In the 16 years that I have been active in the field of healthcare, it increasingly struck me that performance management is not that obvious in this sector. A question I regularly encountered was: Why would you get started with it? I found this so astonishing that I decided to perform research – together with Paulina Snijders, former financial director at the Erasmus MC. We incorporated our findings and recommendations in our book Fit healthcare: the step towards healthy control. In this blog, I’d like to tell you more about it.

Development: why write a book on performance management in healthcare?

Where is the urgency? This was the first question that arose. My hypothesis: it is socially responsible to improve performance management. But usually, this doesn’t rank in the top 3 reasons. Common motives include financial improvement and entrepreneurship (directors or teams with an ambition to improve). Understandable, but also a pity. Because in my opinion, the social issue shouldbe a primary motivation.

Furthermore, a lot is involved in implementing performance management and going through with it. Oftentimes, for example, it is accompanied by a culture change. In practice, going from ambition to realization isn’t always that easy.

Moreover, few has been written on this subject in the past 10 years, while there is a great need for it.

The decision to write our own book about it was quickly made. After all, there are still plenty of opportunities to improve performance management in healthcare, and I would like to contribute my bit.

Approach: from interviews to healthy business operations

In the fall of 2017, I conducted a range of interviews using a structured questionnaire. I talked to directors and supervisory board members, but also to health insurers and scientists. The main question: How do they think hospitals should act?

 

It turned out that many didn’t know exactly how a hospital manages performances and what impact performance management has. So if you ‘press a button,’ such as productivity, it is often unclear where it leads. What I noticed was that people really live in a bubble. Not only health insurers, but also medical specialists sometimes operate in enitrely different worlds. This is incredibly complex for directors.

The Erasmus MC, where I worked on a major process in the field of performance management, played an important role in the development of the book. Former financial director Paulina Snijders provided more case histories. Together, we succeeded in putting the case into words. In addition, we established a theoretical framework for managing healthcare performance as well as for healthy business operations.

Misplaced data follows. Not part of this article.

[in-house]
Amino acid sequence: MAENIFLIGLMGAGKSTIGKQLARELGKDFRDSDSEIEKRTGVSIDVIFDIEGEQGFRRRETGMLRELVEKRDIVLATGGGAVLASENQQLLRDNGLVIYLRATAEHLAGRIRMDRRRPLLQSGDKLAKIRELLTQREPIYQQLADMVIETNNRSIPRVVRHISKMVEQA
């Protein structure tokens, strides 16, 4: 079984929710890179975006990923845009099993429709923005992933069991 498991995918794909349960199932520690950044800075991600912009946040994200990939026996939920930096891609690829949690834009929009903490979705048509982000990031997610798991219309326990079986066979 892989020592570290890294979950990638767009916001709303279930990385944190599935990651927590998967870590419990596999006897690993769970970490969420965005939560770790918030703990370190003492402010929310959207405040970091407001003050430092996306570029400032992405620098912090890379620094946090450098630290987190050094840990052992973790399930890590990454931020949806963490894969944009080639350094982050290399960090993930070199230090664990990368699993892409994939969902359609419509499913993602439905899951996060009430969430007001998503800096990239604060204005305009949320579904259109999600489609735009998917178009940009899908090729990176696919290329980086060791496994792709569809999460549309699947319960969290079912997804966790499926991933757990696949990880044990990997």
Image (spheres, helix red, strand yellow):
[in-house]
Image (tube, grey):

Intended outcomes: how will you benefit from the book?

On the one hand, I hope that you will recognize the problems you encounter as an administrator or decision-maker in healthcare. In that case, you can use the recommendations on points you need to tackle. Also, you should realize that it doesn’t have to be complicated: often, it’s a matter of cold feet. The business case is always positive. On the other hand, I would like to say: be astonished and take the message to your organization. I aim to start a debate, so we will jointly get a sense of social responsibility. This can create the space required to act collectively and take the next step towards good, affordable healthcare.

Finally, I hope to provide insight into the interconnection between existing bubbles, the status quo, and the steps to be taken. The book contains a model that provides guidance. When you use this, you will see that performance management really doesn’t have to be that complicated.

Author: who am I and what is my vision?

As an expert in the field of (the transformation of) financial management in healthcare, I consult on complex issues in the areas of funding, control, and performances. I help implement and realize structural changes. With over 16 years of consulting experience within healthcare, I can definitely call myself a sector insider.

After months of intensive work on the book, I can draw one firm conclusion: it is high time for all hospitals, health insurers, and regulators to start working on this subject concretely, and there is no one best-fitting solution that will work for all hospitals. To write the book, I entered into a dialogue with several people. I would like to continue along this line, especially now that the book has been written. Here’s why this is important to me. When I started writing, I’d arrived at a point in my life where it was crucial to me that I could really make a difference as a consultant. I believe that I owe it to the sector to share my knowledge and experience. And hopefully, I will stimulate everyone sufficiently to actively strive for more healthy business operations and performance management.

In my eyes, this message is only logical. What is your vision? Read the book and form your own judgment!

For more information contact: Femke Keijzer,  f.keijzer@igh.nl

Femke Keijzer

Author Femke Keijzer

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